13. Tomorrow Never Dies (1997)
Pierce Brosnan looks so much like James Bond, it’s like they built him out of a kit. It’s just too damn bad most of his movies splat hard on the pavement. Don’t get me wrong–we got good ideas and good intentions e’rrywhere: Jonathan Pryce has more than enough chops to play a twinkly-eyed megalomaniac (see: High Sparrow, The), so his casting as villainous publishing tycoon closes out that bullseye. Michelle Yeoh kicks more ass than George Lazenby could in three of these movies. Teri Hatcher is plainsong boring as a rich bitch done wrong. This script was glued together like that vase you broke at grandma’s house that one time, and it shows: The action scenes feel perfunctory–been waiting to use that $10 word for a while, gang–while the story just doesn’t snap together like it should. After the perky, pull-out-the-stops feel of Goldeneye, this one seems to just slog through the motions.
12. Thunderball (1965)
All things must end, and James Bond’s glorious cinematic winning streak comes to a halt with this saggy, soggy installment that made heaps of money but doesn’t hold up to repeat viewings. The plot features typical Cold War shenanigans: Slimy SPECTRE baddie Largo swipes two nukes and smuggles them to the Caribbean. Bond and his buddy Felix Leiter have to recover the warheads and stave off WWWIII. Hope y’all like scuba scenes, ’cause this movie has enough of ’em to make Jacque Cousteau go pruny. Seriously, I have to wonder if these underwater camera crews worked by the hour. Maybe these had a cool novelty back in the day, but now they just provide an undertow for the story momentum. John Barry’s sleepy score doesn’t do it any favors. Still, you’ve got Sean Connery as Bond, Adolfo Celi as a serviceable villain, and Claudine Auger gives us a strong-willed, beautiful female lead. Like those balcony Muppets used to say: It ain’t half bad! It ain’t half good, either!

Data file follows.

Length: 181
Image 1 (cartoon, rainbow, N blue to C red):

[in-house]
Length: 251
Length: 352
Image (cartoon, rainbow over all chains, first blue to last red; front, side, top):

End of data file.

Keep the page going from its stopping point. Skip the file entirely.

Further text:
11. On Her Majesty’s Secret Service (1969)
You may have noticed a theme on this list: Plenty of Bond movies have a great and game lead player, only let him down with meh material. (Meh-terial?) Well, this one gives us the flip side. One-off George Lazenby is an a’ight 007, paired with a strong, intelligent, and restrained script by Richard Maibaum. Diana Rigg has charm and attitude as Bond’s ultimate partner. And who doesn’t love Telly Savalas as a snide, sneering Blofeld? (Blojack?) Lots of cool chase scenes, and a kick-ass John Barry score. All the pieces are there, but George Lazenby just doesn’t have the gravity to pull it all together. Good chance that if Connery had stuck around, OHMSS might’ve been a series highlight.